Belmont Middle and Gilford Elementary win EDie awards

Gilford Elementary School and Belmont Middle School were recognized with School of Excellence awards yesterday.

The awards are presented by New Hampshire Excellence in Education (NH EDies), which recognizes New Hampshire public schools and educators that meet high standards.

In Gilford, students danced to the tune of “Celebrate” after the surprise award was announced at a school assembly.

“It was a really fun dance party. Everyone was on Cloud Nine,” said GES principal Danielle Bolduc, who was the only one in the school who was aware that the award would be presented.

Bryan Belanger, principal of Raymond Elementary School, is a member of the selection committee, said that one of the most impressive things about Gilford is the personalized learning at the school.

Another member of the committee Rebekah Gonzalez of Pleasant Street School in Laconia, which won last year’s Elementary School of the Year award, said that the school’s close relationship with the community was also a factor.

Bolduc said that sees the award as one that honors not just the school, but also the whole community.

“The parents are so involved and we have such a dedicated staff that helps make this school so very special. Every day I get too see kindness from the children towards one another and an enthusiasm for learning that is truly inspiring,” says Bolduc.

“We look at the students individually and develop programs for them based on their own pace. We take kids where they are and make sure they have the tools to move forward,” said Bolduc.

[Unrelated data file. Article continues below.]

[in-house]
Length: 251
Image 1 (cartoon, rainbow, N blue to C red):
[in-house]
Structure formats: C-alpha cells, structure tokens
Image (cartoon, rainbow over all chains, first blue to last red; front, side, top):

Aaron Pope, principal of Belmont Middle School, said the award is an honor for the school.

Pope, who has been principal there for 11 years, said the administration and faculty has worked to make the curriculum challenging and to make it appropriate for the demands students will face going forward.

 “Teachers have done an outstanding job to make sure kids are prepared when they get to the real world,” he said.

 “We do a lot of personalized learning, where students are able to work at their own pace. Some kids work faster than others. Some need more time. We have intervention programs for kids who need support and help and for faster-paced students, we work to provide for their needs.”

He said the school has “maker spaces,” where kids can create.

“These are spaces where we have great technology to explore learning, take risks and stay engaged. We received a several-thousand-dollar grant to create a space that allows kids to experiment with technology like 3D printers, programming, different types of sewing machines, pieces of art to work on. This is all related to STEM (science, technology, engineering and math).”

Working with middle-school students is rewarding, Pope said.  

“I don’t see myself in any other age range,” he said. “The kids are great, challenging, curious – and developmentally in a spot where you can make some differences in their lives.

 A big part of his job is supporting teachers.

 “My job is to get teachers what they need to do their jobs,” he said. “They’re the ones working in the trenches.”

Sanborn Regional High School in Kingston was recognized as the High School of Excellence yesterday.

Larry Johnston, representing McDonald’s restaurants, major sponsor of the awards, at the awards ceremonies in Belmont and Gilford, said this marks the 25th year that the awards have been presented and noted that McDonald’s has   contributed more than a half million dollars to the program.

“McDonald’s restaurants of New Hampshire are proud to have participated in the EDies Awards program for the last two decades,” said New Hampshire McDonald’s owner/operator Peter Napoli. “Each year, it’s a true pleasure to recognize educators and schools that go above and beyond to help our students learn and grow in exciting ways.”

Editor's note: This story has been updated to correct the name of the presenting group and the Raymond principal.

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